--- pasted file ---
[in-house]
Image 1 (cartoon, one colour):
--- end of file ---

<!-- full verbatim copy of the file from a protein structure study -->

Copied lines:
[in-house]
Image 1 (cartoon, one colour):